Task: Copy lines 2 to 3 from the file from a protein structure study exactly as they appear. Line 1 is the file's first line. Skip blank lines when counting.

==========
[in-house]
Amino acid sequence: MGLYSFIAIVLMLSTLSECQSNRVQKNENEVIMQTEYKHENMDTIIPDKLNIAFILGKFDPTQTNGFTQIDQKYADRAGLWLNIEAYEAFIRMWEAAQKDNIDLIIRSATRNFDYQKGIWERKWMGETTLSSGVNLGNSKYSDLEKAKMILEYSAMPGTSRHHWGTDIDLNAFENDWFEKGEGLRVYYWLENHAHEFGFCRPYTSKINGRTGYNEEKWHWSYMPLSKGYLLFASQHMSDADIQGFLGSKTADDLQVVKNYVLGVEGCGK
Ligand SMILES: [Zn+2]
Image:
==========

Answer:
Amino acid sequence: MGLYSFIAIVLMLSTLSECQSNRVQKNENEVIMQTEYKHENMDTIIPDKLNIAFILGKFDPTQTNGFTQIDQKYADRAGLWLNIEAYEAFIRMWEAAQKDNIDLIIRSATRNFDYQKGIWERKWMGETTLSSGVNLGNSKYSDLEKAKMILEYSAMPGTSRHHWGTDIDLNAFENDWFEKGEGLRVYYWLENHAHEFGFCRPYTSKINGRTGYNEEKWHWSYMPLSKGYLLFASQHMSDADIQGFLGSKTADDLQVVKNYVLGVEGCGK
Ligand SMILES: [Zn+2]